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Quantum Cooking Concepts, Inc., et al v. Lv Associates

July 21, 2011

QUANTUM COOKING CONCEPTS, INC., ET AL., PLAINTIFFS AND RESPONDENTS,
v.
LV ASSOCIATES, INC., ET AL., DEFENDANTS AND APPELLANTS.



(Los Angeles County Super. Ct. No. BC379011) APPEAL from a judgment and post-trial orders of the Los Angeles Superior Court. Rolf M. Treu, Judge.

The opinion of the court was delivered by: Chaney, J.

CERTIFIED FOR PARTIAL PUBLICATION*fn1

Affirmed.

Appellants LV Associates, Inc., Royal Range Of California, Inc., and Laxminarasimhan Vasan (collectively LV Associates), appeal from a judgment awarding $1 million damages to Quantum Cooking Concepts, Inc. and Philip Gonzales (sometimes collectively Quantum), and from orders denying motions for a new trial and for judgment notwithstanding the verdict. We affirm.

Background

Quantum's operative pleading alleged causes of action seeking damages from LV Associates based on breach of contract, fraud, and a dozen other theories of contract and tort liability. Quantum's theory of the case was that while working at Royal Range of California, Inc. (a company that he had helped to found with his ex-wife's husband), Gonzales had designed and developed a new type of barbeque grill and a commercial vertical broiler.*fn2 He planned to leave the company, which was then struggling for survival, in order to start his own business and to obtain certification for his products, all with the cooperation of the company's then-owner, Mr. Robert Spenuzza.

When LV Associates, Inc. took over Royal Range of California, Inc. in 2003, its new owner, Mr. Vasan, acknowledged Gonzales's rights with respect to these products. Although Gonzales had planned to leave Royal Range's employ, Vasan induced Gonzales to stay on and help the ailing company recover. In exchange, LV Associates promised to help Gonzales to set up his own company, to manufacture the products, and to obtain the certifications required in order to market them for his own benefit.*fn3

Gonzales did stay on with Royal Range, successfully generating substantial additional sales for the company, and earning (but not receiving) substantial commissions. In the meantime, LV Associates helped Gonzales set up and operate his own company, Quantum. Vasan became an officer and director of Quantum, LV Associates' accountant handled all Quantum's financial accounting and transactions, and LV Associates acted as Quantum's agent with respect to licensing and certification. Vasan also provided Gonzales with documents indicating the transfer of certifications for Gonzales's vertical broiler from LV Associates to Quantum, and showing Quantum's ownership of the product design.

After having performed his part of the bargain for a few years, and after leaving Royal Range, however, Gonzales was told that the products' certifications had not been transferred to Quantum, and that they belonged to Royal Range, not Gonzales. And LV Associates did not heed Gonzales's requests for return of all of Quantum's books and records. It turned out that LV Associates had obtained the certifications in its own name, and was secretly selling the products (perhaps under changed model numbers) as its own.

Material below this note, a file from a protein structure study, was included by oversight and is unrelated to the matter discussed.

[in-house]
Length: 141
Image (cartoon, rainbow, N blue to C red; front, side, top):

During the six-day trial LV Associates denied and sought to impeach most of Quantum's evidence. At the trial's conclusion, the jury returned a general verdict in Quantum's favor on the complaint, awarding Quantum $1 million in damages and rejecting LV Associates' cross complaint.*fn4 Judgment was entered on July 14, 2010, and notice of its entry was filed and served August 9, 2010. On August 24, 2010, LV Associates filed its notice of intention to move for a new trial, and its motion for judgment notwithstanding the verdict. After denial of the post-trial motions on October 5, 2010, LV Associates filed its timely notice of appeal from the judgment and denial of its motion for judgment notwithstanding the verdict on November 3, 2010.*fn5

LV Associations makes three contentions on appeal:

(1) that the trial court erred by excluding evidence that Mr. Gonzales had suffered a felony conviction;

(2) that the trial court erred by denying LV Associates' post-trial motions for new trial and judgment notwithstanding the verdict due to their noncompliance with rule 3.113(b) of the California Rules of Court; and

(3) that the trial court erred by precluding LV Associates from impeaching Gonzales at trial with answers he had provided during discovery to a form interrogatory.

LV Associates has failed to demonstrate that the trial court erred with respect to these issues, or that if it did err, the error resulted in prejudice requiring reversal. We therefore affirm the ...


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